How Long It Takes To Tile An Average Sized Room

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You could be tempted to tile your floor if you want something durable, long-lasting, and aesthetically pleasing. Although the result is worthwhile, the process might be more costly and time-consuming than other floor coverings. Depending on your budget, you can lay tile floors yourself or hire a professional tiler.

For a 40-square-foot space, most people consider 10-16 hours of tiling to be expected. You’ll need around an hour for prep, an hour for layout, and three to four hours for grouting and cleaning for each project. Remember to wait between 24 hours and 48 hours between the installation and grouting.

This article will talk about how long it usually takes for someone who knows what they are doing to tile a room and someone who doesn’t know how to do it. I will also talk about how different it is to tile a wall from a floor, how hard it can be to tile a bathroom, and how long that takes.

How Long It Takes To Tile A Room?

Using a spirit level when tiling to ensure everything is level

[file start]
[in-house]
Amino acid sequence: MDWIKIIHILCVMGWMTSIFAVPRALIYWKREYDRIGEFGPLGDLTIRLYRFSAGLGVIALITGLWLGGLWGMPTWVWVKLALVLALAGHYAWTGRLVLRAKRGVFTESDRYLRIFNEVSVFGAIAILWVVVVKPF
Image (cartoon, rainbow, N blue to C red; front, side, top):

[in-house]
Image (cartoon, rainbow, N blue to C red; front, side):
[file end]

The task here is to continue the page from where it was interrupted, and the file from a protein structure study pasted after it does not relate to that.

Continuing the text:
Mid-way through tiling a room.

Let’s discuss the key, central question. You’re about to tile a room, and are wondering how long it’ll take?

Unfortunately that’s a tough question to answer because it is dependent on various things. The size of the room, the quality and type of material, and your skill level are all factors to consider. Experts say a complete beginner can lay tile flooring in an average (40 square foot) room in around 16 hours. The installation will take about 12 hours if you have prior expertise and knowledge of accomplishing it. Professionals with years of experience can complete the task in under 10 hours.

You may speed up the installation process by designing the arrangement of your design before you begin. Going to a professional with an idea of what you want can help speed up the process, even if you’re not sure precisely what you want. On the other hand, your flooring contractors will be able to guide you through the process if you’re unsure.

Tiling A Bathroom

A bath with side panel removed and tiles around it
A bath with side panel removed and tiles around it

Tiling a bathroom floor takes two to three days (approximately six to eight hours). The bigger your bathroom, the longer it will take. It takes approximately 24 hours to 48 hours for a tile floor to fully cure. Your floor may become uneven, and the tiles may get moved (and potentially start tenting) if you walk on them too soon. So wait the necessary amount of time before walking on your tiles.